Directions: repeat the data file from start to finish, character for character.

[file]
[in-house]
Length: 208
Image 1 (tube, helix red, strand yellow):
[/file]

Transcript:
[in-house]
Length: 208
Image 1 (tube, helix red, strand yellow):